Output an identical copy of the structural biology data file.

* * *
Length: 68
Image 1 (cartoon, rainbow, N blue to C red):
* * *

Length: 68
Image 1 (cartoon, rainbow, N blue to C red):